1. Plan around your target audience.Before a single line of code is written, you should conduct exhaustive research into your “ideal customer.” Would your audience even buy an app or game (and again, you might be surprised)? What apps do they use already? Who are the thought leaders in the space? What are the major publications? Where do people in your market gather to talk about things they care about? These are all pretty standard marketing questions, but they are still crucial. Your app or game won’t be a magic bullet instant success. You will need to have a well-developed marketing plan if you want to move units.
  1. Build your audience prior to launch.Marketers have said this so much that it’s become cliché, but it’s still true. Starting from zero is a tough place to start, especially if you just put six months of development into an app or a game. That said, the reality for some businesses will be that you are in fact starting from nothing. You have an idea and a vision, and your project will be your first effort to capture a piece of the market. Even under these circumstances, you can partner with other businesses and organizations to seed your audience with relevant prospects long before your app or game goes live. Your development team should have some insights into this process as well.
  1. Plan for success with a phase 2.Thinking ahead will help you to maintain the momentum of your project. If you allow yourself to get locked into your launch date, you run the risk of hitting your initial goal and having to scramble for a way to capitalize on your own success. Yes, lots of sales are great news, but how do you continue to build that forward energy? Your post-launch plan should have plans for a B-list of press coverage, follow-up to A-list press members that didn’t cover you at the start, customer service follow-up (both on and off your properties), a process for drawing attention to positive coverage, and on-going development plan for expanding your offerings.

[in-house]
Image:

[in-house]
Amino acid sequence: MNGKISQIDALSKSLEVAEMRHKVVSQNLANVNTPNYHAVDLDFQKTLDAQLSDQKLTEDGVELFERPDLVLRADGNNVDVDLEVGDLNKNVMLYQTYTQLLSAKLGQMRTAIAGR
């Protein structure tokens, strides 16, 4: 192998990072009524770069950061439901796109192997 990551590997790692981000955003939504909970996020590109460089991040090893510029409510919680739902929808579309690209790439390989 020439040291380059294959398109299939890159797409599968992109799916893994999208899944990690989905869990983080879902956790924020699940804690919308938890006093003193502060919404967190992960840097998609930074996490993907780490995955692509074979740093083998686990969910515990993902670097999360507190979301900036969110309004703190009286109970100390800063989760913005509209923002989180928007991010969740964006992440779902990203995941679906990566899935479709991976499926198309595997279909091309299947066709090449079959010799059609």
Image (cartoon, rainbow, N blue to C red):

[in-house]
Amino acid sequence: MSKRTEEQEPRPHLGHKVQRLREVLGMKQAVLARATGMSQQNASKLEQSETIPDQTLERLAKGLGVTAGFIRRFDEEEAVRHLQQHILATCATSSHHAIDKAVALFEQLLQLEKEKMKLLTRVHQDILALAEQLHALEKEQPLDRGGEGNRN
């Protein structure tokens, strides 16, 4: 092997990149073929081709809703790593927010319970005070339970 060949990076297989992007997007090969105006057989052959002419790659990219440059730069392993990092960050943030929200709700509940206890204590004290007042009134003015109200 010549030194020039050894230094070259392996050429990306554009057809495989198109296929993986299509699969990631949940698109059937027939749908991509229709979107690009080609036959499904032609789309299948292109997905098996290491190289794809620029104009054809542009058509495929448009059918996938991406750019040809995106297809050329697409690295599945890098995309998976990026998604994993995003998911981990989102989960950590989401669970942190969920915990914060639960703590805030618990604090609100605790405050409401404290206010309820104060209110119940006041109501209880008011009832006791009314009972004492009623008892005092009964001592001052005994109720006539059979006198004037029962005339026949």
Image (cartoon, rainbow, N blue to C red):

Partnering with the right team will make this entire process easier. Even if you do this in-house, your developers should be able to work alongside you to match their development process to your research and to your planning. This relationship will be collaborative, of course, but accounting for these points ahead of time will help you to avoid some of the biggest pitfalls in app or game development.

You’ll notice that none of these suggestions have anything to do with competing in app search engine listings. Those factors matter, but the safer philosophy is to avoid competing where every other project is trying to compete. The apps that do well in search rankings optimize for them, yes (and you should still do that later), but they also side their apps with enough interest prior to launch that they get the downloads and reviews that algorithms favor.

Let me repeat this core Synersteel principle: don’t compete where everyone is else competing. Make your plan about finding the most meaningful ways to connect with your target audience through other channels.

Note: Blueprint image by Will Scullin used under Creative Commons License.

This article originally written for Synersteel Studio.